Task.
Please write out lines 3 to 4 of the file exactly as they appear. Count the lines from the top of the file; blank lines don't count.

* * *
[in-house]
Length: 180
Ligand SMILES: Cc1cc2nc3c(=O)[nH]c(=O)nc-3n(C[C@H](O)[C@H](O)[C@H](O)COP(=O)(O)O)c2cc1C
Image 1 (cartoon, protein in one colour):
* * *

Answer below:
Ligand SMILES: Cc1cc2nc3c(=O)[nH]c(=O)nc-3n(C[C@H](O)[C@H](O)[C@H](O)COP(=O)(O)O)c2cc1C
Image 1 (cartoon, protein in one colour):